Spanish Isles Page 2
Apart from the lack of crowds and the stellar beaches, Vieques’s main tourist attractions are the rare bioluminescent bays of Puerto Mosquito and Puerto Ferro. Light-emitting microscopic organisms called dinoflagellates thrive in these shallow bays, which are surrounded by mangroves. The idea of anchoring at the mouth of a bay called Port Mosquito didn’t exactly appeal to the crew—after all, there must be a reason for the name—so we tiptoed over the 7-foot-deep bar that guards the entrance to Puerto Ferro and dropped anchor a hundred yards from a French cruising cat crewed by a young couple and a baby. That night we joined them to drift through the mangroves in the darkness, watching oars and feet trail green streaks through the inky water. The light show at Mosquito is said to be even better, but that would have to wait for another time.
I’d have liked to head farther along the coast toward Puerto Rico, where there are reefs said to be the equal of anything the rest of the Caribbean has to offer, but time was short and we were ready for some nightlife. After that one raucous night in Ensenada Honda, we hightailed it back to Culebra and picked up a free mooring in Baha Sardinas on the west side, outside Dewey. I found it a charming township, more like a village, a backwater in the best sense of the word. We spent Happy Hour surrounded by grizzled cruising types and American expats at the Dinghy Dock on the Ensenada Honda side of Dewey, then repaired for dinner to Mamacita’s, the prime local hangout, where we’d tied up our dinghy.
Next day, as we sailed around the top of the island, we could at last appreciate its rugged beauty and see what we were missing out on by having only a week’s vacation. A gleaming strip of white beach on the lee side of Cayo de Luis Pea, just off Dewey, beckoned in vain. Next time, maybe. As we stood north, we kept a close eye on chart, plotter, and depthsounder, for navigation marks are few and far between in the Spanish Virgins. This is no place to slack off on your piloting skills or depend too much on the chart, but the water is so clear that the color changes that come with decreasing depth are obvious. We dodged between gnarly-looking mini-islands and considered possible anchorages for a future visit; looked longingly at Flamenco Beach, rated the second best beach in the world by the Discovery Channel (who am I to argue?); and finally dropped anchor between a bunch of daytripper boats at Culebrita, a stunning little island just east of Culebra.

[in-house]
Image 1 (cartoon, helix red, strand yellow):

An uncomfortable swell put paid to any thoughts of spending the night here, so we felt our way in to Baha de Almodvar through a narrow, shallow pass in the encircling reef. Protected to the east by the headland known as Cabeza de Perro and to the south by the reef that extends from Culebrita to the mouth of Ensenada Honda, this fantastic anchorage was marred only by the presence of a dozen big sportsfishermen rafted together near the reef. It was Friday night, and on the weekends the Puerto Ricans come to play in Culebra. On a weeknight, I suspect, we’d probably have been the only boat there.
Still, live and let live. There was room for all of us, and at least they weren’t a hard-partying crowd. As the sun sank below the horizon and the stars blinked on one by one, Sarah Sue’s complement assumed its now-usual position on the trampoline and talked of many things: of love and war and life and death and work and play, of islands explored and those yet to be discovered. The lights of St. Thomas showed clearly to the east. Tomorrow we would be on our way back to Charlotte Amalie, thinking about airports and taxis and cold, but tonight there was just the warm breeze blowing across the boat and the lap of water against the bows.